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Hozier Sweeps Listeners Off Their Feet: “Unreal Unearth” Review

Hozier’s third studio album is the prime example of his complex musical style and demonstrates why this album was worth waiting for.

When Hozier’s EP release earlier this year, he promised something even grander: a long-awaited third studio album. Fans of the Irish musician were thrilled when “Unreal Unearth” was released on Aug. 18, after a four-year gap from the last studio album. While not everything struck a chord with me, overall the album was worth the wait and deserves a listen.

Hozier as a musical artist is someone who is always pushing the envelope of what music can achieve. This new album is supposed to follow along with Dante’s “Divine Comedy,” in particular with Dante’s construction of the nine circles of hell. While the overarching thematic message is not something I intend to cover– I want to focus on a casual listener’s experience with the album and look at individual songs– it is something essential to how people interact with the album as a whole. has a fantastic breakdown of the thematic messages of the album and individual songs, and I would encourage people to take a deep dive. 

“De Selby (Part 1)” and “De Selby (Part 2)” are the first two songs on the album and, as the titles suggest, the two songs are interconnected. Thus, it’s only fitting that they are discussed in relation to each other. Both songs are thematically about the same thing– a dissociation from one’s identity– but approach the topic in two very different directions.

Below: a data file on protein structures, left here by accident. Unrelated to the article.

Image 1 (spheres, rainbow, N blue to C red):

“Part 1” is a slow and daunting ballad, and “Part 2” is a faster and bluesier song. Both songs have the trademarked whimsical and poetic lyrics Hozier is associated with, however, I prefer “Part 2” over “Part 1.” While “Part 1” is a gorgeous song, even including a third of the song in Gaelic, there’s a brief musical transition from “Part 1” to “Part 2.” When listening to the album straight through without shuffling, the transition is seamless. However, when listened to separately, “Part 1” has an abrupt ending, leaving the listener wanting more. “Part 2” feels like a complete song with or without “Part 1” and just overall holds up by itself better.